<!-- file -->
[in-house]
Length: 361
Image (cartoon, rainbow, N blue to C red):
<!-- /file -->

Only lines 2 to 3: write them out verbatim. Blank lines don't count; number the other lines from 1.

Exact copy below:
Length: 361
Image (cartoon, rainbow, N blue to C red):